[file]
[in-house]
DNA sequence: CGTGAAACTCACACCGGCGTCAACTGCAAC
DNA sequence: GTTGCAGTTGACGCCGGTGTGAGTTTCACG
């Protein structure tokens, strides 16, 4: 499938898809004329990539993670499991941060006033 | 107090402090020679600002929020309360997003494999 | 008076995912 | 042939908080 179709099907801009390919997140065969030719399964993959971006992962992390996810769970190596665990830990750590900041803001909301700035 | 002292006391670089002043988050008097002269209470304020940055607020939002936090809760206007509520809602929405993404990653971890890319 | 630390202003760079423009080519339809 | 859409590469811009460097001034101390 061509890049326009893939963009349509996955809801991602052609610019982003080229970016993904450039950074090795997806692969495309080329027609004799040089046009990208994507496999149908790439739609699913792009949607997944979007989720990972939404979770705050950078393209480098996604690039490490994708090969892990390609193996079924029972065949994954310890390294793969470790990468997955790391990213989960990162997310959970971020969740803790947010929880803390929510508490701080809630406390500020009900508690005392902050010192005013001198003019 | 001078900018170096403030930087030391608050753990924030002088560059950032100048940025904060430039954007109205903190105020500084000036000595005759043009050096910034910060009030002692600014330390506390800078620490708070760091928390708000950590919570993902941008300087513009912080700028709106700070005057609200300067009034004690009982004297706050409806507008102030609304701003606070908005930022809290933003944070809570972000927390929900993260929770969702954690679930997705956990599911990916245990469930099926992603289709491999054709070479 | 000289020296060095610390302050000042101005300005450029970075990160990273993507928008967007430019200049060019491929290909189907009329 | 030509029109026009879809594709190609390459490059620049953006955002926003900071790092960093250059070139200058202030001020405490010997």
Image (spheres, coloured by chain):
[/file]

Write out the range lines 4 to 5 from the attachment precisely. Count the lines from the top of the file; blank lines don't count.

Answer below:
């Protein structure tokens, strides 16, 4: 499938898809004329990539993670499991941060006033 | 107090402090020679600002929020309360997003494999 | 008076995912 | 042939908080 179709099907801009390919997140065969030719399964993959971006992962992390996810769970190596665990830990750590900041803001909301700035 | 002292006391670089002043988050008097002269209470304020940055607020939002936090809760206007509520809602929405993404990653971890890319 | 630390202003760079423009080519339809 | 859409590469811009460097001034101390 061509890049326009893939963009349509996955809801991602052609610019982003080229970016993904450039950074090795997806692969495309080329027609004799040089046009990208994507496999149908790439739609699913792009949607997944979007989720990972939404979770705050950078393209480098996604690039490490994708090969892990390609193996079924029972065949994954310890390294793969470790990468997955790391990213989960990162997310959970971020969740803790947010929880803390929510508490701080809630406390500020009900508690005392902050010192005013001198003019 | 001078900018170096403030930087030391608050753990924030002088560059950032100048940025904060430039954007109205903190105020500084000036000595005759043009050096910034910060009030002692600014330390506390800078620490708070760091928390708000950590919570993902941008300087513009912080700028709106700070005057609200300067009034004690009982004297706050409806507008102030609304701003606070908005930022809290933003944070809570972000927390929900993260929770969702954690679930997705956990599911990916245990469930099926992603289709491999054709070479 | 000289020296060095610390302050000042101005300005450029970075990160990273993507928008967007430019200049060019491929290909189907009329 | 030509029109026009879809594709190609390459490059620049953006955002926003900071790092960093250059070139200058202030001020405490010997």
Image (spheres, coloured by chain):